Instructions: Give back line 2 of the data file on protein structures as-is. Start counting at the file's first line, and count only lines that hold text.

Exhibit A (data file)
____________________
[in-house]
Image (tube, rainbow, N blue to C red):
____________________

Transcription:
Image (tube, rainbow, N blue to C red):